5. Pingback: Rumours about the GFW « Under the Jacaranda Tree

  6. Gary McKenzie says:

    F#*k China. Who do they think they are. They are a murderous, communist, anti-humanity regime with big ideas about their own worth in the world. They make crap products, they kill their own people and sell their organs on the black market. They deserve to be crushed under a new revolution, which I predict will occur within ten years. They attack Indian lands, they kill innocent Buddhists because they don’t believe in religion, they are the new scum of the earth and don’t deserve any consideration from the rest of the world. They are the new bullies of the world. To hell with them!

  7. Gary McKenzie says:

    To hell with your moderation. The whole world should boycott Chinese products to show them we don’t need their crap. Useless, corrupt, communist bastards!

  8. C.A. Yeung says:

    Gary,

    For some reasons your comments have been zapped by WordPress’s spam filter. I’ve just manually retrived them for publishing. Sorry for the delay.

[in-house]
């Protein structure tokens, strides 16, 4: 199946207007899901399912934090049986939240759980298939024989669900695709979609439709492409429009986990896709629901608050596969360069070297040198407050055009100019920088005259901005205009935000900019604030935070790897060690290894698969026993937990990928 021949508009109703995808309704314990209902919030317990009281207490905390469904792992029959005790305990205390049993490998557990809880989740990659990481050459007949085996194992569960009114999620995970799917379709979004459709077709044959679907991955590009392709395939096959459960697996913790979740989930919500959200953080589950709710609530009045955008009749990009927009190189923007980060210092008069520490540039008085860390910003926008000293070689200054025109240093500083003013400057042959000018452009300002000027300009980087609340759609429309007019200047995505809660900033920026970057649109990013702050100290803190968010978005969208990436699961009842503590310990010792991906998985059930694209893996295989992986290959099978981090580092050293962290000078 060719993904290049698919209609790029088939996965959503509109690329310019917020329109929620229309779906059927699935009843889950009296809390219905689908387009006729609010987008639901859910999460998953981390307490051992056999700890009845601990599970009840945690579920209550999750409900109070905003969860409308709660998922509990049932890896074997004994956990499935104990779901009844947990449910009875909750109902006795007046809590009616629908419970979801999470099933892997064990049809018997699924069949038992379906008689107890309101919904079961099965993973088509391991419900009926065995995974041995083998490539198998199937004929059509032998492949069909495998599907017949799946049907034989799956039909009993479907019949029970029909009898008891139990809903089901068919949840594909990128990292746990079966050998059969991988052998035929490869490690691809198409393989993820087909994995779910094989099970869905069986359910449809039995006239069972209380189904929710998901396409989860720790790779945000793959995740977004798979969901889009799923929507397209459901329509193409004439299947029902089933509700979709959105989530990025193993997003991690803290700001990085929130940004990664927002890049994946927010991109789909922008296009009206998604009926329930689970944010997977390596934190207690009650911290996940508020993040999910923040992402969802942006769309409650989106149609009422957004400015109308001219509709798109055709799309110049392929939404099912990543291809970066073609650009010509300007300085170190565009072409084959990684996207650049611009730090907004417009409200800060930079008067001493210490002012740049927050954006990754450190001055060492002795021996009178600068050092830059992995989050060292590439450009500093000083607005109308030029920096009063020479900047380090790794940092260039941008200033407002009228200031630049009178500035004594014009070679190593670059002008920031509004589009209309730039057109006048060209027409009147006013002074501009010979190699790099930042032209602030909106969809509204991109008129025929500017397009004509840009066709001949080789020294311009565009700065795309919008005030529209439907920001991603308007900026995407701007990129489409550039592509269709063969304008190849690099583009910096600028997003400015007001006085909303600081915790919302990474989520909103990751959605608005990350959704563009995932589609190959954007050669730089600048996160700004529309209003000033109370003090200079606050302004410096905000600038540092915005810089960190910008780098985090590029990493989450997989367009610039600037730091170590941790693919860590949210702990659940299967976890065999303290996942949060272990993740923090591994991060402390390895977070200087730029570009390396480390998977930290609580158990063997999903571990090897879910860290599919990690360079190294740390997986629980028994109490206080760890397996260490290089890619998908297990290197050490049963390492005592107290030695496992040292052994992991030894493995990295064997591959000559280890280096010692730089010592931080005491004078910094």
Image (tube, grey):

9. Elise says:

    C.A. Yeung, the MIFF hacking incident is not the only or even the most serious IT incident being investigated at the moment.

    I suspect we are not being told more publicly, because of the fear of aggravating an already serious diplomatic problem with China, as you have said.

    Agree that there are good reasons to be concerned about the safety of Australians in China. However, it is beginning to look like the problem is much bigger than that.

  10. Anon says:

    I wonder how long before anti-Chinese sentiment becomes more and more widespread. They complained last year when they didn’t get any attention for their rallies “defending” the Olympic torch; little do they realize that the “western media” probably did them a favor, because most people in the west would find the idea of students rallying in SUPPORT of their government- and a nasty one at that- revolting and ass-backwards.

  11. Anon says: